People who buy brand new homes are getting a raw deal because of increasing numbers of faults, according to a report out today.
Research has found that, on average, a new three-bedroom home in 2005 had 84 defects – a 29 per cent rise on the previous year.
In some extreme cases, ceilings had collapsed from water leaks, and one developer had sold units as two bedroom properties even though they were only one bedroom with an open mezzanine.
The study was carried out by Inspector Home – a company that inspects new homes to check for defects – and Glasgow Caledonian University .
Buyers felt pressured
Inspector Home says it uncovered confusion amongst buyers over correct standards, and many said they’d felt pressured into buying a sub-standard home.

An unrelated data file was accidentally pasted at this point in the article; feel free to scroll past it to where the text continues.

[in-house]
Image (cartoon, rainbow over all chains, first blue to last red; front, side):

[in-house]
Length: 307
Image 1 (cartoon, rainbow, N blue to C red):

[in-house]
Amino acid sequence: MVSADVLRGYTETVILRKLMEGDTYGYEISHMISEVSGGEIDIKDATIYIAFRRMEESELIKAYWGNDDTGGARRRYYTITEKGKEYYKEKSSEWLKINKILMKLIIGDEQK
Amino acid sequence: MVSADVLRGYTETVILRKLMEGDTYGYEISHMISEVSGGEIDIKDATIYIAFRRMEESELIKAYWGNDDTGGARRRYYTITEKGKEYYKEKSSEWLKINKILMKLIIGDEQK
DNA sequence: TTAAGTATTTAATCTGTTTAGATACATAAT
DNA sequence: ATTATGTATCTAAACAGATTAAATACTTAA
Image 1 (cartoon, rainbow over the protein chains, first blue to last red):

The areas with the highest average number of faults per property were Kent and the South Midlands (73), while London remained the area with the lowest (46). Scotland showed the best improvement with a 10 per cent reduction in defects on the previous year’s figure.
While Inspector Home was disappointed that standards were in decline, it said it was aware of certain developers which were making a genuine effort to improve quality.
Later this year, Which? will be reporting on this issue in more depth.